For the first time Equality feels desire and knows pain. For Liberty is so beautiful and “glowing” that she cannot be ignored. It, however, is against the commandments of Equality’s brotherhood to peruse her, as it would unbalance the mutual emotion between all men by creating preference. In a wretched battle of nature vs nurture, Equality finds that despite these regulations, he cannot stop himself from yearning for Liberty, whom serves as “blade of iron” cutting through to the undeniable truth that Equality is a selfish being, generally motivated by his own personal
Ayn Rand believed that collectivism is a hardship. She believed every man should be an individualist and live for themselves and no one else. This vision was portrayed through her book Anthem that featured a young boy named Equality 7-2521. Equality lives in a society that suppresses individualism and raises the “brotherly contribution and need” above anything else. “The Anthem” , a song by the pop punk band Good Charlotte, is about a young man that wants to be nothing like the other people in his world.
His "twisted devotion to chaos " immediately brings the face of the "clown prince of crime" to mind (Source C). The worst part is that V has somehow convinced himself that if he achieves his goal, it doesn’t matter how many people he kills. By somehow befuddling himself into believing that his goal bears an utmost importance is foolish and draws concern onto V's mental well-being. Someone who is so psychologically impaired and confused cannot be considered a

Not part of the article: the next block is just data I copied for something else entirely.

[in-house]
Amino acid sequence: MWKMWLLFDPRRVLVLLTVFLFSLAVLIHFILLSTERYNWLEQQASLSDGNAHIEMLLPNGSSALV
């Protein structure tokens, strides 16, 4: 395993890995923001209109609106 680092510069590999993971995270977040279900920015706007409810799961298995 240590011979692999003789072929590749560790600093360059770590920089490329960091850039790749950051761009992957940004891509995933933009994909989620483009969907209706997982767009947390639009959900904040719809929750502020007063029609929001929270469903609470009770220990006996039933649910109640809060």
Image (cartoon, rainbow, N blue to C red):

True Purpose Ayn Rand’s novel, Anthem, is a glorified story about an individual trapped in a damned society. Prometheus is regulated by tacky and cruel laws and rules, but he is trying to find who he is and what his real reason in life is; not just what his city tells him to be. I believe these rules and laws exist because Ayn Rand wants to show the evils of collectivism. The Council controlling the city wants to create a world where everyone is treated exactly the same, in every way. The true purpose, I believe, is that The Council wants to show an expectation of a perfect person.
¨Civilization begins with order, grows with liberty, and dies with chaos.¨ (Will Durant) In Lord of the Flies by William Golding, the quality of society's morals depends upon the moral nature of its leader: Someone inclined to chaos and who rules with fear does not create a sustainable system. The boys are all stranded on the island with no adults, they try to make a sustainable and non fearless government system, the government system falls, and made Jack turn ‘evil’ and go his unsustainable government system way. When Jack starts to lose his innocence, he put some clay on his face to show that he was starting to turn to the chaos or the party side of things. “He looked in astonishment, no longer at himself, but at an awesome stranger.”
Nevertheless, her reaction is inhumane and insensitive as she suggests "that one was a doozy"(pg. 65) because the parents can not see what unfair and cruel world they livers they view it as fair. Equality blinds Hazel and George, failing to comprehend they are being deprived of their freedom and individuality. Harrison attempts to overthrow the rule of the government but he never has the chance at unseating the government because the laws are too powerful. "Harrison Bergeron" captures achieving equality, if we give up individuality and freedom, which are two things people fight to acquire.